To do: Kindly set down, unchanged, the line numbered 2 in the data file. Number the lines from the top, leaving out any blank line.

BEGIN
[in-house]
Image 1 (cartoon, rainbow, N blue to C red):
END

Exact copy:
Image 1 (cartoon, rainbow, N blue to C red):